The pregnant fullness of life

I’m not pregnant. But the fullness of life is feeling so full that the pregnant adjective (full of meaning; significant or suggestive) just felt right.

Life feels full when you watch your ex-boyfriend’s music video, recorded in Ashland, where you used to live. Seeing him succeed, seeing him follow his dream of pursuing music while really understanding what that means for him, what he’s struggled with to get there, means so much to me. Knowing that he is so happy right now, with his current partner and with his pursuit of music, is indescribably full. All the complexities that come along with that. All the thoughts and memories and feelings that come from watching a short video.

Life really is just continuing along in Ashland, isn’t it? While I’m up here creating an entirely new life. I’m realizing I’m already becoming unrecognizable to myself. The Alaska Sara doesn’t recognize the Ashland Sara, is starting to forget her. And then I see a video of my friends eating chips and salsa the way they always have and Ashland Sara explodes onto the scene.

And I don’t miss that Ashland Sara. I like where and how I’m growing. I feel deep, continuous joy in Alaska, something I didn’t feel in Ashland. I felt lost in Ashland. I see now, in hindsight, how often I felt deeply sad in Ashland. Unrooted, clinging to outside validation, stumbling along blindly. Is this just what your early- to mid-twenties is all about? Is it an age thing or a place thing?

I do miss my Ashland family. I do not miss Ashland. These two feelings were interplaying while watching Henry and Gaur play music on the stoop, while watching Jenika hold her bass, while watching Kimee eating pizza.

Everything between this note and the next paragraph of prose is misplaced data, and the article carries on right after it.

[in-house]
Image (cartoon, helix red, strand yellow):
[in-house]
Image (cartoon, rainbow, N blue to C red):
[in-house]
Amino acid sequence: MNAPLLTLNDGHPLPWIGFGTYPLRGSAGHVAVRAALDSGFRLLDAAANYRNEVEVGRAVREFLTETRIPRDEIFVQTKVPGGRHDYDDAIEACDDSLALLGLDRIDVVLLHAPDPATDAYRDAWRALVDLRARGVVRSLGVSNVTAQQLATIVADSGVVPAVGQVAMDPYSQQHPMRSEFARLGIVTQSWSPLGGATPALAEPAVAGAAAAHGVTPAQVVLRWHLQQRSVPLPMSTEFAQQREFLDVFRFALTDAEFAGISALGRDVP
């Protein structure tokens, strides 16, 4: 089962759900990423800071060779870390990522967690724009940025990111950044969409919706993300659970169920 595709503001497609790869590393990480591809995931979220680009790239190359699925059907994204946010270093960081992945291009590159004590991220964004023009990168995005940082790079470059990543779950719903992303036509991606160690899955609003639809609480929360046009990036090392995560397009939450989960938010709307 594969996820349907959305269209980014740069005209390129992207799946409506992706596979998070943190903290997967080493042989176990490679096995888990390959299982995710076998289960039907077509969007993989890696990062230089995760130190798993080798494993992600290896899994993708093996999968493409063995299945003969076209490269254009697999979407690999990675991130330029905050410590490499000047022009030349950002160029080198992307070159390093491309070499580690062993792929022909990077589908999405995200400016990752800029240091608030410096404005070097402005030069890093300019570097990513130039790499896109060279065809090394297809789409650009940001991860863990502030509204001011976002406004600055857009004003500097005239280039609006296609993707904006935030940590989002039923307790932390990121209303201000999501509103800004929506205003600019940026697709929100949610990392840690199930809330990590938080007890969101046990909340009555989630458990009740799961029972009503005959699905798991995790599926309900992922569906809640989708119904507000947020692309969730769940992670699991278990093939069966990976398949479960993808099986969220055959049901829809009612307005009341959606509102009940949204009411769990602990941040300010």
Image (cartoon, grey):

This thought has been rumbling around in me: life does not get “better” by my decisions or my actions, life gets better by what I choose to accept. If I accept more, life is better, life is more, life is fuller. Accept, then decide if you want to or can change the situation. An acceptance-based approach to decision-making or to life-orienting is more congruent with life’s natural flow, it is easier, it takes less energy, it is more harmonious.

You might think: but I can’t accept this situation (e.g. abusive relationship, unfulfilling job, dog that chews everything, our current political environment, etc.). The unacceptance creates the friction. Accept what is happening in the current moment, and then from that place decide what you can do to change the situation, if you’d like. Accept you are being abused in your relationship, then with that clarity reach out for support. Accept that your job is unfulfilling, then with that clarity begin to troubleshoot how you can improve your situation. Acceptance brings you the natural ability to discern.

“Acceptance is a small, quiet room” – Cheryl Strayed

Does this post get the prize for “Most Disorganized” and “Highest Rate of Rambling” and “Not Sure What She’s Really Getting At”? I think so. You can watch Henry’s video here: Shakin’ the Bush.

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